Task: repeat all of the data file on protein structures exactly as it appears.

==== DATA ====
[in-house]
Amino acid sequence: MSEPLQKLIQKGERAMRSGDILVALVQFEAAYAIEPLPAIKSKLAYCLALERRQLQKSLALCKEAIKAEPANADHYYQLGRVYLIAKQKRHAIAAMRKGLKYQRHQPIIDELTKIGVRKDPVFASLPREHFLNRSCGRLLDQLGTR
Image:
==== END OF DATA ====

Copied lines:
[in-house]
Amino acid sequence: MSEPLQKLIQKGERAMRSGDILVALVQFEAAYAIEPLPAIKSKLAYCLALERRQLQKSLALCKEAIKAEPANADHYYQLGRVYLIAKQKRHAIAAMRKGLKYQRHQPIIDELTKIGVRKDPVFASLPREHFLNRSCGRLLDQLGTR
Image: